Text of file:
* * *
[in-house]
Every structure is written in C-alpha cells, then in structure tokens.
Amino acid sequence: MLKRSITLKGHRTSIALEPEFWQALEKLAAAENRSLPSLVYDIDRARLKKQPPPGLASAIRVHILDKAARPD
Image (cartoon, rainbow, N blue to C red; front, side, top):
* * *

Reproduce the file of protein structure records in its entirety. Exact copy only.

[in-house]
Every structure is written in C-alpha cells, then in structure tokens.
Amino acid sequence: MLKRSITLKGHRTSIALEPEFWQALEKLAAAENRSLPSLVYDIDRARLKKQPPPGLASAIRVHILDKAARPD
Image (cartoon, rainbow, N blue to C red; front, side, top):